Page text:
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Speakers Systems Overview

The last element in line between the sound source and the listener in a sound reinforcement system is the speaker system. While these are often referred to simply as speakers or cabinets it is important to realize that these are speaker systems. The part of the speaker system from which the sound emanates are the various drivers in the system but the enclosure and, if a passive system, the crossover network all must work together in the system to produce good full range sound.

The simplest form of speaker system would be one wide range driver mounted in an appropriate cabinet to which an audio signal is fed. This would work but speakers perform their best over a specific range of frequencies. In general larger speakers perform better at lower frequencies but roll off as the frequency in increased. Smaller speakers behave in the opposite manor and are subject to damage if low frequencies are applied. Speakers designed to cover the whole audio frequency spectrum generally incorporate two or more specialized drivers to cover the full range. There must be a frequency dividing network incorporated to send the appropriate signals to the drivers designed to handle those frequencies.

The enclosure or cabinet is also part of the speaker system. The enclosure is most needed for the low frequency driver. It allows the driver to work efficiently and project the sound. It also provides convenient mounting locations for the other components in the system. The enclosure must be optimized for the selected low frequency driver to provide smooth low frequency response. Other drivers in the system need to be selected to compliment the low frequency driver and extend the frequency response to provide a balanced full range sound. There is a science to the design and construction of a good speaker cabinet.

In a multi-way speaker system there must some method to divide the incoming frequencies so that the proper signals are applied to the proper driver. In a passive speaker system there is an internal passive crossover network to handle the job. Active speakers require an external active crossover network and a channel of amplification for each class of driver. In a passive crossover part of the power applied to the cabinet must be dissipated in the crossover to allow the network to work. Active systems apply the full amplifier to the selected driver.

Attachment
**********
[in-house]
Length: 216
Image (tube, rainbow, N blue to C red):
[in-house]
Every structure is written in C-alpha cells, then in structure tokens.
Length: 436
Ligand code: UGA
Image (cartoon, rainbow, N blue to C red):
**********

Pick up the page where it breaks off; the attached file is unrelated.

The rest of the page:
There is an industry trend toward powered speaker systems. In a typical powered cabinet there are the drivers and a channel of amplification that supplies the required power to each driver. There is also an active crossover that divides the frequencies applied to the amplifier channels and often some signal processing to shape the sound to the requirements of the drivers. A matched column of powered speakers handles the crossover, system control and amplification for the system to provide full range sound with minimal need for external processing.

For concert and large event sound the line array speaker systems dominate the industry. A properly set up line array system can deliver a more even volume distribution over a large area. The individual enclosures are designed with wide horizontal dispersion but very narrow and controlled vertical dispersion. The speakers covering the farthest areas of the venue are played louder than the closer listening areas. Using several zones with the now familiar 'J' hang configuration allows for this even distribution.

A good quality speaker system is much more than just six pieces of wood slapped together with holes cut in one face in which to mount the drivers. For best quality sound the cabinet and all the components must be matched and designed to work together to provide smoothe rich full range sound.

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